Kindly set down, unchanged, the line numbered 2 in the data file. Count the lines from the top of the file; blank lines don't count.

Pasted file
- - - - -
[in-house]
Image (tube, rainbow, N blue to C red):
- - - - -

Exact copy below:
Image (tube, rainbow, N blue to C red):